At Milton Friedman’s ninetieth birthday party in 2002, Ben Bernanke even said “I would like to say to Milton and Anna: Regarding the Great Depression. You’re right, we did it. We’re very sorry. But thanks to you, we won’t do it again.” He spoke too soon. The current economic situation may not be as severe as the Great Depression—though economists such as Peter Schiff say it could get as bad. But it's clear that the central bank was the main culprit in both financial crises. The Federal Reserve’s expansionary monetary policy in the 1920’s caused the Great Depression, not the central bank’s “tight” monetary policy in the early 1930’s.
 

ksupoke

We don't need no, thot kuntrol
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#12
The greatest guilt today is that of people who accept collectivism by moral default; the people who seek protection from the necessity of taking a stand, by refusing to admit to themselves the [13] nature of that which they are accepting; the people who support plans specifically designed to achieve serfdom, but hide behind the empty assertion that they are lovers of freedom, with no concrete meaning attached to the word; the people who believe that the content of ideas need not be examined, that principles need not be defined, and that facts can be eliminated by keeping one’s eyes shut. They expect, when they find themselves in a world of bloody ruins and concentration camps, to escape moral responsibility by wailing: “But I didn’t mean this!”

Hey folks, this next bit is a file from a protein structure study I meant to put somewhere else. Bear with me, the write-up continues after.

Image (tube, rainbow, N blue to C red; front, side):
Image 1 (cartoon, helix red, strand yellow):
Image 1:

Ayn Rand
 

steross

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#13
Sorry to interrupt the victory lap for the downfall of this "socialist" idea, but you guys are off base. There is no data even released from this limited pilot and the claims of failure are fake news. And, if UBI is by definition socialist, then Hayek and Friedman were socialists.


"The assurance of a certain minimum income for everyone, or a sort of floor below which nobody need fall even when he is unable to provide for himself, appears not only to be wholly legitimate protection against a risk common to all, but a necessary part of the Great Society" - Friedrich Hayek